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GE Debate Just Commencing - Peters

Media Release

30 October 2001

GE Debate Just Commencing-Peters

The New Zealand First Caucus has today debated at length the decision of the Government to continue the moratorium on the commercialization of genetically modified substances and to permit an opening up of field trials of activities previously confined to the laboratory.

“We are supportive of the Government’s position on GE. However we remain unconvinced that the present structures and monitoring of trials is sufficiently independent and robust that we can give it total support,” explained the Leader, Rt Hon Winston Peters.

“Only the most closely monitored and controlled field testing should be undertaken, and even then, only with independent oversight by Internationally recognised authorities. Agencies with a vested interest of a commercial nature, particularly multi-nationals with an unenviable record in the conducting of their affairs in the area of GE, must be kept at arms length from the monitoring process. This would decrease substantially the concerns of ordinary New Zealanders and NZ First has pledged to pursue this as a prerequisite to any field trial extensions,” Mr Peters said.

“ Even then, only applications which have been thoroughly researched and approved as safe, appropriate and necessary and demonstrating a low risk, high advantage to New Zealand and New Zealanders, could be supported to begin field trials”, he said.

“Given the lack of precise and totally reliable information surrounding the whole spectrum of GE, and the existence of significantly differing viewpoints between so many of the ‘experts’ in this area of science, New Zealand First has resolved to adopt, on behalf of its constituency, a position of opposition to any unilateral extension of genetic modification into the areas of commercial release of plants or animals”, Mr Peters stated.

“Experimentation in any form carries with it certain risks and in the case of GE, we have to be assured that every reasonable step necessary to guarantee our safety and the security of our export industries has been considered before any trials or scientific experimentation of such matters, is even contemplated, let alone commenced,” he said.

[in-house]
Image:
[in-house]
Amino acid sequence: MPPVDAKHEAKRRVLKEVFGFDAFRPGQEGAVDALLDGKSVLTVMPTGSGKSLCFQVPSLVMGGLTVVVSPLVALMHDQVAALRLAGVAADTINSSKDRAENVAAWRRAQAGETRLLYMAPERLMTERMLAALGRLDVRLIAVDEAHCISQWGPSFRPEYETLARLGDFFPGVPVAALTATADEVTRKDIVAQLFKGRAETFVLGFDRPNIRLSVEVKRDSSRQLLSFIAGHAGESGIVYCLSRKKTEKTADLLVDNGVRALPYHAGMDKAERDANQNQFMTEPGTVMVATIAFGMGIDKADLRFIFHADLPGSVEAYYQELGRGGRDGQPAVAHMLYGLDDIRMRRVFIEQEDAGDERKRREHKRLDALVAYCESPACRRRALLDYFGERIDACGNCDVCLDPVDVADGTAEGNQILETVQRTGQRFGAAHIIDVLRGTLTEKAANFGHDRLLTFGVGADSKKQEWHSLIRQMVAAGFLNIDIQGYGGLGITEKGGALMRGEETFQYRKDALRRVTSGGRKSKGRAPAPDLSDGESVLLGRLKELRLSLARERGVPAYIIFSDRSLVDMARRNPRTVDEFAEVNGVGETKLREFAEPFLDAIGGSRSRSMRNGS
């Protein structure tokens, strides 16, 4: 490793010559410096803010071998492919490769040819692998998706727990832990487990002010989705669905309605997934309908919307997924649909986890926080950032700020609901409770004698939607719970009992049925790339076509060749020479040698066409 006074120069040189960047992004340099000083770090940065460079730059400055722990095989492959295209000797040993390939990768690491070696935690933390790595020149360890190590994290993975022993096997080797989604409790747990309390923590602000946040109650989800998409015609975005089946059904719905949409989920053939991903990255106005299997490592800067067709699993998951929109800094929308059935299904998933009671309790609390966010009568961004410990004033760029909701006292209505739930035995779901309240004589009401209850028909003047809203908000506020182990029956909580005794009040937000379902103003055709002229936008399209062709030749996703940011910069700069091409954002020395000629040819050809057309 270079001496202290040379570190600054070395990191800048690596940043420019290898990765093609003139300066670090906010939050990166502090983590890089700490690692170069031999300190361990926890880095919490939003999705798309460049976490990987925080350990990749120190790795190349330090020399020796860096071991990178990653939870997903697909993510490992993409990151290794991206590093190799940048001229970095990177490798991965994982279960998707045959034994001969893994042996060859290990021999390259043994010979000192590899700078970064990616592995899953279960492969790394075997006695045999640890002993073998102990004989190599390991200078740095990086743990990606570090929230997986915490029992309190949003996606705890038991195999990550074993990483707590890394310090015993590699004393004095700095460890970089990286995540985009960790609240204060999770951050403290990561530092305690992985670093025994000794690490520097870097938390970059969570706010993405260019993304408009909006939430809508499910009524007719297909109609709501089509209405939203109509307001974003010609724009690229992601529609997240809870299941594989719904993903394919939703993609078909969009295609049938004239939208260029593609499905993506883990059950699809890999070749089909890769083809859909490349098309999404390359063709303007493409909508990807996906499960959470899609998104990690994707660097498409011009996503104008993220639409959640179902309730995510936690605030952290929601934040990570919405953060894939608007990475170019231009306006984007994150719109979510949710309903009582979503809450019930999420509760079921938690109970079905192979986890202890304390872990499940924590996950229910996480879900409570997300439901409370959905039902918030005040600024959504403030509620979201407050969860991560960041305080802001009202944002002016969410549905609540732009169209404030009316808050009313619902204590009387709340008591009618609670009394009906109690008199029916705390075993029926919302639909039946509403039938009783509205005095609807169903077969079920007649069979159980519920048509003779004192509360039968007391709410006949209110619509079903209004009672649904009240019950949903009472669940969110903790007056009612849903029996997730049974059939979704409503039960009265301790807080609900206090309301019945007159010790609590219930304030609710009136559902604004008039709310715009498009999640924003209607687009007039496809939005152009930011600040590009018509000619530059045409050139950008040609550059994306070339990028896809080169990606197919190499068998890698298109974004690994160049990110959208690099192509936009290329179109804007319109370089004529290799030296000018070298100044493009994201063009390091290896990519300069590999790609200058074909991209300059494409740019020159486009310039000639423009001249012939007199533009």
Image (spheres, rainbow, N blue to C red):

“The dangers of getting any rogue GE micro-organisms or unintended cross fertilization into our everyday food supplies, pose a potentially very serious threat to the well-being of all New Zealanders and accordingly, any such potential must be eliminated”, Mr Peters said.

“The need to ensure the primacy of safety for New Zealanders is axiomatic and is not negotiable, and under no circumstances, must the New Zealand Government abandon its obligation to its people in that regard.

Meanwhile associated aspects of GE such as the labeling of foodstuffs containing modified substances must be introduced immediately in order that we can tell at a glance, whilst products are on the shelves, just what it is that we may be subjecting ourselves and our families too. We will be seeking the assurance of the Government to implement such a labeling regime forthwith and to bring her Minister of Health into line with view of the vast majority of New Zealanders who are demanding the right to be informed as to the contents of foodstuffs purchased. It is just not good enough for the New Zealand Health Minister to be led by the nose by Australian Ministers as she was in respect to this matter only last week, when she informed us that she had reluctantly had to go along with the majority within the ANZFA committee ”, stated Mr Peters.

“New Zealand First will ensure either the exemption provisions of the Trans-Tasman Mutual Recognition Act are implemented, or if necessary, that the Act is amended in order to preserve New Zealand’s independence and sovereignty over such matters are maintained, Concluded Mr Peters.


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